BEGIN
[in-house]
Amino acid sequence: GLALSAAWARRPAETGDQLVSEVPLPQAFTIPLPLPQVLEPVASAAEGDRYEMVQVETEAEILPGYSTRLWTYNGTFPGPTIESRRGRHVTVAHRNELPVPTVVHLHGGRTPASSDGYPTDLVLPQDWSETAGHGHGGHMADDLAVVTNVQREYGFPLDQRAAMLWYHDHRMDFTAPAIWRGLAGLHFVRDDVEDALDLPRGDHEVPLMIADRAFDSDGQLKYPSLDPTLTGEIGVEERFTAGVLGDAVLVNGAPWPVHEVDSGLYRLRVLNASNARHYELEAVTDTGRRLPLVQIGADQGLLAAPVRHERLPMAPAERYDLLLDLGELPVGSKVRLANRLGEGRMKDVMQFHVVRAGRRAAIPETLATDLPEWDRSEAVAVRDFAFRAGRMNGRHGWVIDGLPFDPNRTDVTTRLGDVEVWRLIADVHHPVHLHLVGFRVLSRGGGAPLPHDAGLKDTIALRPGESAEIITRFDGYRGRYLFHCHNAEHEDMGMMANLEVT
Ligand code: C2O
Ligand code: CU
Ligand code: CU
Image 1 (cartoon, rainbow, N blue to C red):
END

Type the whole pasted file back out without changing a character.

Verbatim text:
[in-house]
Amino acid sequence: GLALSAAWARRPAETGDQLVSEVPLPQAFTIPLPLPQVLEPVASAAEGDRYEMVQVETEAEILPGYSTRLWTYNGTFPGPTIESRRGRHVTVAHRNELPVPTVVHLHGGRTPASSDGYPTDLVLPQDWSETAGHGHGGHMADDLAVVTNVQREYGFPLDQRAAMLWYHDHRMDFTAPAIWRGLAGLHFVRDDVEDALDLPRGDHEVPLMIADRAFDSDGQLKYPSLDPTLTGEIGVEERFTAGVLGDAVLVNGAPWPVHEVDSGLYRLRVLNASNARHYELEAVTDTGRRLPLVQIGADQGLLAAPVRHERLPMAPAERYDLLLDLGELPVGSKVRLANRLGEGRMKDVMQFHVVRAGRRAAIPETLATDLPEWDRSEAVAVRDFAFRAGRMNGRHGWVIDGLPFDPNRTDVTTRLGDVEVWRLIADVHHPVHLHLVGFRVLSRGGGAPLPHDAGLKDTIALRPGESAEIITRFDGYRGRYLFHCHNAEHEDMGMMANLEVT
Ligand code: C2O
Ligand code: CU
Ligand code: CU
Image 1 (cartoon, rainbow, N blue to C red):